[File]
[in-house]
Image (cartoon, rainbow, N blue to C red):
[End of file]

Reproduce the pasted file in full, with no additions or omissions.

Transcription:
[in-house]
Image (cartoon, rainbow, N blue to C red):